The hostels of the Camino de Santiago and the hospitaleros that are behind are fundamental pillars so that the Jacobean phenomenon works correctly every year. This is how they work.
If this is the first time you are going to do the Camino de Santiago and you are starting to organize all the preparations for the trip, it is very likely that you have heard about the hostels of the Camino de Santiago. We are referring to both public and private lodgings, intended for the reception of pilgrims who travel the various pilgrimage routes to Santiago de Compostela.
The figure of the pilgrim's hostel on the Camino de Santiago, completely altruistic, is essential for travelers to regain strength by resting, showering to relieve the body and recharge your batteries before each hard stage with a good breakfast at popular prices.
Generally speaking, all the hostels on the Camino de Santiago consist of rooms with single beds and shared bathrooms. However, how they function will depend largely on whether they are private hostels or public accommodations.
It should be noted that the accommodations on the Camino de Santiago are for the exclusive use of pilgrims traveling on foot, by bicycle or on horseback. It is for this simple reason that we must always present ourselves at the hostels with our pilgrim's credential deliberately filled in. Only in this way will we be able to prove that we are indeed pilgrims heading towards Santiago de Compostela.
The hostels of the Camino de Santiago have a series of rules and particularities of operation, so you should know each and every one of them before immersing yourself in the journey. It will also be necessary to take into account that it is only allowed to stay one night in these hostels (to make way for the pilgrims coming behind) except in case of illness.
In case you have made the decision to stay in one of the lodgings on the Camino de Santiago that you will find along the different pilgrimage routes, you will find the necessary information below.
As we explained above, not all pilgrim hostels on the Camino de Santiago are the same and work in the same way. However, we can assume that it is possible to differentiate them into two groups: public and private management.
Public hostels are managed by public institutions such as the Xunta de Galicia, by town councils or even by neighborhood associations and are not for profit. However, and although it is optional, they require a small donation to cover the expenses incurred (cleaning or maintenance). Generally, it is not possible to reserve a place in public hostels; pilgrims are given a bed in strict order of arrival, with priority given to pilgrims on foot over pilgrims on bicycles, and these in turn over pilgrims traveling on horseback.
Unlike public hostels, in most private hostels on the Camino de Santiago it is possible to call in advance to reserve a place, which for many pilgrims is an insurance against unpleasant surprises at the end of the stage. While public accommodations are not for profit, in private hostels the price usually ranges between 10 and 12 euros.
In most hostels, public or private, you will find several types of services. Washing machine or dryer (for a small fee), internet connection, showers with hot water, toilets and spaces to wash and hang clothes and cook your own food. The above are the "most common minimum" services, but of course you will find hostels with more amenities, such as lockers, recreation areas, common areas for resting and chatting, etc.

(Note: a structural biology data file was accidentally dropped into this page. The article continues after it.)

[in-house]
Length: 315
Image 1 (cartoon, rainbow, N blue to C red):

When staying in a hostel you should have a respectful attitude towards other pilgrims and towards the volunteer hospitaleros/staff of the accommodation: it is not a hotel, so do not make too much noise when you go to bed and get up to leave in the morning, respect the rest hours and do not forget to take care and maintain the state of the facilities as if they were your own. Think that the next pilgrim who will use the toilets or showers may be you, so leave everything as you would like to find it.
One last piece of advice: be grateful and kind to the hospitaleros when arriving, living with them and when leaving; if all this continues to work it is thanks to their willingness to help and care for the pilgrim.
Although most of the hostels are open during the high season, the large number of pilgrims can cause their capacity to be insufficient. This happens especially in the towns closest to Santiago, when the pilgrimage routes join together. To avoid this, we can reserve a place in advance if we go to a private hostel, look for other possible alternatives beforehand or stay overnight in a hostel in a town close to the one that marks the stage.
In the case of the less frequented months, finding a fully booked hostel is not at all common, however we must keep in mind other possible problems. During the winter months, not all hostels are open, so before continuing the route, it is advisable to know other alternatives where you can rest depending on where you are.
Do you think we have left out something about the functioning of the hostels on the Pilgrims' Route to Santiago? Help us to improve with your contribution in the comments.
© Copyright LA VOZ DE GALICIA S.A. Polígono de Sabón, Arteixo, A CORUÑA (ESPAÑA) Inscrita en el Registro Mercantil de A Coruña en el Tomo 2438 del Archivo, Sección General, a los folios 91 y siguientes, hoja C-2141. CIF: A-15000649